Fiction, Romance



Point of view 

The narrator is continuously omniscient throughout the entirety of the novel and provides an objective view of each character through sequence of events, dialogue, and description.


The narration is written much like poetry; the language is dense and somewhat formal, though it is beautified by lyricism and rich description. Despite its very formal use of language, the poetic tone is often injected with humor.


Frequently shifts in tense from present to past; the book begins in the present, and makes references to a yet unknown past, which is explained later on in the book. In explaining the history of the first scenes, the author builds up to the final, current scene.

Setting (time) 

Turn of the century

Setting (place) 

Fabricated, tropical Caribbean port ("District of the Viceroys"), turn of the century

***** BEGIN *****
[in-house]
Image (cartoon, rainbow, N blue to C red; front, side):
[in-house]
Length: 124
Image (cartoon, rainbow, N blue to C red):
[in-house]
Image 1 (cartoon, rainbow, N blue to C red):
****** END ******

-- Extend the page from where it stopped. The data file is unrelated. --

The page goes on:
Florentino Ariza and/or Fermina Daza

Major conflict 

Florentino Ariza suffers for more than fifty years without Fermina Daza, his first love, and tries to win her back after the death of her husband, Dr. Juvenal Urbino.

Rising action 

Dr. Juvenal Urbino falls to his death on Pentecost Sunday, after trying to retrieve his pet parrot from the mango tree in the yard.


After more than half a century, Florentino Ariza reiterates his love for Fermina Daza on the night of her husband's funeral.

Falling action 

Florentino and Fermina, both of whom are now elderly, fall back in love on a riverboat cruise.


Jeremiah Saint-Amour's suicide, and the discovery of his secret lover foreshadows the narrative explanation of the love affair between Fermina Daza and Florentino Ariza. Fermina's refusal of Florentino's camellias, "flowers of promise," and the bird droppings that fall on her embroidery work when he asks for her permission to court her, foreshadow the anguish their tortured affair will entail.